1. Mo’Nique, “Precious”
  2. Abbie Cornish, “Bright Star”
  3. Gabourey Sidibe, “Precious”
  4. Melanie Laurent, “Inglourious Basterds” 
  5. Vera Farmiga, “Up in the Air”
  6. Melanie Lynskey, “The Informant!” 
  7. Isabella Rossellini, “Two Lovers”
  8. Vinessa Shaw, “Two Lovers”
  9. Charlyne Yi, “Paper Heart”
  10. Meryl Streep, “Julie & Julia”

The fellows

Christoph Waltz creates the perfect villain in "Inglourious Basterds."

  1. Christoph Waltz, “Inglourious Basterds”
  2. Adam Sandler, “Funny People”
  3. George Clooney, “Up in the Air”
  4. Matt Damon, “The Informant!”
  5. Tobey Maguire, “Brothers”
  6. Joaquin Phoenix, “Two Lovers”
  7. Paul Schneider, “Bright Star”
  8. Joseph Gordon-Levitt, “(500) Days of Summer”
  9. Mark Ruffalo, “The Brothers Bloom”
  10. Zachary Quinto, “Star Trek”

Readers, which actors and actresses delivered the year’s best performances? Let’s hear your picks.

“Blind Side” an uncommonly understated human drama

Sandra Bullock is all sass, little sentiment as Michael Oher's (Quinton Aaron) guardian in "The Blind Side."

Let’s be plain about “The Blind Side”: Lee Daniels’ “Precious” it ain’t. Save for two damaged protagonists, these films have little in common. In “The Blind Side,” John Lee Hancock dulls the sharp edges of a childhood lived in poverty and neglect; Daniels displays the emotional and physical hurts in full view. Really, it’s the difference between neatly bandaged wounds and open ones. 

But perhaps this comparison, though inevitable, isn’t exactly fair, because it implies that “The Blind Side” is some kind of emotionally manipulative mushfest that is top-heavy with cliches. Gird your loins for a startling realization: There’s little schmaltz here. Indeed, what delights about “The Blind Side” is the low-key tone and the balance Hancock strikes between character-based drama, sports and comedy. What’s more, the director sees his characters as actual people and allows them to behave as such; their actions feel natural, not forced along by inane plot conventions. They become real to us, something that rarely happens in films with such clear feel-good intentions as this one.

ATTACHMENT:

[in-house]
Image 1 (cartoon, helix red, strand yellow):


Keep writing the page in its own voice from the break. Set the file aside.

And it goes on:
Much credit must be given upfront to Sandra Bullock for her bold, unidealistic performance as Leigh Anne Tuohy, a wealthy Tennessee interior designer whose designer-label threads belie her kind heart and good intentions. This is strong, nuanced work from an actress who (finally! after years of crap like “Miss Congeniality”!) has begun to trust her talent. She grounds “The Blind Side” firmly in matter-of-fact reality as her story intersects with that of future Baltimore Ravens right tackle Michael Oher (Quinton Aaron), a poor teen accepted to the private Christian academy her children attend. Accepted because the football coach (Ray McKinnon) sees a bright athletic future for him, Michael has a low GPA and a tendency to retreat into his own head that some teachers mistake as stupidity. But Leigh Anne’s son S.J. (Jae Head) befriends Michael, and so she invites the teen into her home. They hire a tutor (the always-wonderful Kathy Bates) to work with Michael while S.J. teaches him football. Slowly, and much to the dismay of Leigh Anne’s snobbish friends, Michael becomes a real part of the Tuohy family.

The story, loosely based on Michael Lewis’ 2006 book about the real Oher, is simple enough to suggest some parts have been smoothed over. That’s probably the case, but it’s important to note what Hancock gets right: the likable characters and the lack of Hollywood mushiness. Tim McGraw, though hardly Sean Penn, doesn’t overact as Leigh Anne’s supportive husband Sean (he does have a few unnecessarily corny zingers, though). Head doesn’t exactly transcend the Precocious Kid stereotype, but he provides solid comic relief. Bates’ sly humor is a welcome addition as well (Kathy Bates don’t do cutesy, remember?). Aaron, chosen more for his size than acting chops, is a little more hesitant than he should be, but that doesn’t derail the movie.

Actually, that hesitation aligns him nicely with Bullock’s hard-nosed Leigh Anne, herself a bit reticent and not prone to spontaneous displays of emotion. These two have more in common than we’d think (this wins the film more points for originality). Sean describes Leigh Anne as an onion — “you have to peel her back layer by layer” — and that extends to Michael. Perhaps that is what draws Leigh Anne to Michael, the fear of seeming vulnerable. They are, in a strange way, kindred spirits. Bullock, who’s always had a quietly guarded air about her, captures Leigh Anne’s reluctance perfectly. This performance might earn her some nominations, and she will deserve them.